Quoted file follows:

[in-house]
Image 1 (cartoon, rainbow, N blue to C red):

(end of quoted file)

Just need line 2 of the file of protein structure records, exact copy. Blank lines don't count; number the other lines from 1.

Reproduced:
Image 1 (cartoon, rainbow, N blue to C red):